Visual Artists and Copyright Rights

by Meredith Jack November 27, 2012

What & when are your copyright rights?

Keep your hands off my image!

The other Saturday I wrote a small musing on the art business practices; half the comments in the first two days were on copyright protection rather than gallery representation or sales to consumers. I had thought that this subject would be somewhat passé by now; the Copyright Protection Act was passed in 1975 and took effect on January 1, 1976. Jeez! Where have you been for the last 38 years? So, I put on my wrist brace and here’s the skinny in a short form (there are books, articles, and the Library of Congress website.)

It’s a good news/bad news situation. The bad news is that there is NO “poor man’s” copyright, as such. The good news is that as soon as you have put your idea in “tangible form” you, the artist, have a de facto copyright, with certain exceptions. The old notion of putting an image in an envelope and mailing it to yourself does establish a certain date of production, but it does not give you any other protection.

You do have to establish your intent to have copyright protection by signing, dating, and affixing the copyright notice in one of the several forms: C in a circle, Copyr., or Copyright all rights reserved. IT DOES NOT HAVE TO BE ON THE FRONT OF THE IMAGE; it must be where “it can be reasonably found”. There are some international differences depending on the country of production or infringement, but they’re fairly minor.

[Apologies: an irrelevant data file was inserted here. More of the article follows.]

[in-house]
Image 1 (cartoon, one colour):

Insert “LOVE”

So, now you have a copyright, what good does it do you? First off, does your work lend itself to popular appeal? One of the largest copyright problems of the 20th century was Robert Indiana’s LOVE painting ( a pre-1976 work, “published” without the copyright notice required at the time) that has been used for everything from napkins to public sculptures without Indiana getting a penny. If your image has that type of appeal you probably should file the copyright with the Library of Congress Copyright Office; it’s a simple form and costs about $10. That’s because your copyright cannot be enforced (sue for infringement) until you have registered it; meaning when I print up the calendar with your image, you can’t sue me without registration. And paradoxically, I have a copyright on the calendar and if I registered it, you’ve got a real expensive fight on your hands. And if you haven’t registered the copyright before I infringe it, your damages are substantially reduced. If I infringe after you have registered, you have me by the short hairs.

Insert “Christina’s World”

However, copyright does NOT now pass through upon the sale of the object. You retain the copyright unless you relinquish it IN WRITING! Be careful with the sales agreement you sign; it can even be in small print on a sales receipt. This was a major change in the 1976 Act; Wyeth’s most reproduced image “Christina’s World” was purchased by the Museum of Modern Art under the old standards, and they, not he, own the copyright (and have sold the bejeesus out of it)…